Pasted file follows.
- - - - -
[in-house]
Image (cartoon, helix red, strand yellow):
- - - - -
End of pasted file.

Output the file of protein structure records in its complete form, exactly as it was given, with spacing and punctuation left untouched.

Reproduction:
[in-house]
Image (cartoon, helix red, strand yellow):